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Making Friends as an Adult

Matt and I have oftentimes talked about how we wish we had more close friends. Granted, we're not at a loss for social invitations, but there's something different between getting together for a quick meal, a shopping excursion, or a night of gaming compared to someone you call/email on a regular basis and talk about the important things. However, making new friends at this age seems to be challenging for a variety of reasons. The two most common challenges I seem to encounter are:

1. Life paths. In your late 20's or early 30s, as Matt and I are, you pretty much know if you want to get married and/or have kids. If you choose to have kids, you commit to taking care of little ones for a lifetime, oftentimes putting their wants and needs above your own. If you choose not to have kids, you have less constraints on your time and finances to be able to go out more readily. Oftentimes, these life paths tend to clash, sometimes making it difficult to maintain a social relationship. If the time or financial constraints aren't an issue, different life paths also tend to change the dynamics of conversation. Those with families are experiencing the excitement of watching their children discover the world and themselves, and those without kids tend to explore more personal hobbies. Beyond simply updating each other on each other's day-to-day adventures, there isn't as much common ground to talk about.

2. Lack of preexisting social situations. In high school and college, we made new friends by taking classes with others and participating in the same extracurricular activities. In high school, all of your friends are geographically close to one another, so it's easier to make plans to get together. In college, dorm life allows people to be readily available for social interaction on a moment's notice. As you get older and settle into a life of full-time employment, your time to socialize and engage in hobbies is severely limited compared to our high school and college days. As a result, there aren't always as many opportunities to meet new people because of our culture's typically busy lifestyles. And, to complicate matters, people move, making distance a common barrier to regular socialization.

Because of the above, I strongly feel that most people, since their time is limited, spend most of their free time socializing with people they are already friends with and who typically have the same life paths. Your life situation is similar, and the familiarity and reliability is comforting.

Unfortunately, Matt and I find ourselves in an interesting situation that has been a large part of our social relationships growing up. We have the blessing and the curse of being able to socialize with a variety of different people in a variety of different contexts. It's a blessing because we can almost always find some sort of common ground or activity to get involved with the group in a social gathering, but we're not usually alike enough to feel we could spend a lot of time with those people on a regular basis (either based on life paths, hobbies, personalities, etc.). Therefore, many of those friendships exist only at a surface level. You engage in friendly conversation with those individuals, but you don't necessary go out of your way to exchange phone numbers or get together with them some other time.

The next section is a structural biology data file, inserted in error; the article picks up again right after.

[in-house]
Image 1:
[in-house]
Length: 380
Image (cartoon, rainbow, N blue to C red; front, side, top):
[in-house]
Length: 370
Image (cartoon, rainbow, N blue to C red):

Sometimes, though, we find ourselves in a situation where we meet someone we'd like to get to know better and possibly be friends with them. Matt and I oftentimes joke that we feel we want to "date" a particular friend or a couple because we're unsure of how the other one(s) feel about getting together. Our society is conditioned to say, "We should get together sometime!" and not necessarily following through with it, even if we mean it. Life, as they say, gets in the way.

My question is this: Do others feel this way, or are most people satisfied with the friendships and relationships they currently have? Is it awkward at this age to try to make new friends when most people have social groups established, or do others crave these friendships too but are also unsure of where to start?

I am grateful that Matt is my best friend. When asked what my favorite thing about him is, I always immediately respond by expressing my appreciation for our ability to talk about anything and everything. Most importantly, I haven't met anyone who is as interested in talking about people and relationships as I am. However, we both want to have friends outside of our relationship. We recognize that this is a healthy thing to have in a relationship, and spending time apart with other people in meaningful ways will strengthen our relationship as a result.

Therefore, I've been thinking about the best way to increase my base of meaningful friends -- people who not only enjoy similar hobbies as I do, but are genuinely interested in me as a person, interested in sharing with/confiding in me about their own lives, and who seek to get together as often as I seek them out. I've come up with two ideas, and I'm interested in hearing if you have ideas as well.